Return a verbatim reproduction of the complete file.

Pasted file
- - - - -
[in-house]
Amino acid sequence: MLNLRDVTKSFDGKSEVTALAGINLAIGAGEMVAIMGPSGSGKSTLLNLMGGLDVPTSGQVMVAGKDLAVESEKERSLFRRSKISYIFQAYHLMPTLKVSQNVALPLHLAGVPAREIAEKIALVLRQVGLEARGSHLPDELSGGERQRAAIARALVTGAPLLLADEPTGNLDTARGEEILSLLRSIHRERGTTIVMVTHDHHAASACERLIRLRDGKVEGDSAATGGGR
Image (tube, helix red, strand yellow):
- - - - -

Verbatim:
[in-house]
Amino acid sequence: MLNLRDVTKSFDGKSEVTALAGINLAIGAGEMVAIMGPSGSGKSTLLNLMGGLDVPTSGQVMVAGKDLAVESEKERSLFRRSKISYIFQAYHLMPTLKVSQNVALPLHLAGVPAREIAEKIALVLRQVGLEARGSHLPDELSGGERQRAAIARALVTGAPLLLADEPTGNLDTARGEEILSLLRSIHRERGTTIVMVTHDHHAASACERLIRLRDGKVEGDSAATGGGR
Image (tube, helix red, strand yellow):